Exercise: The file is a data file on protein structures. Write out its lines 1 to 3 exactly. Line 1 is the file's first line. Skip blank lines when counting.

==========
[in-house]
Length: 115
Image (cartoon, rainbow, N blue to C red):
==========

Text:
[in-house]
Length: 115
Image (cartoon, rainbow, N blue to C red):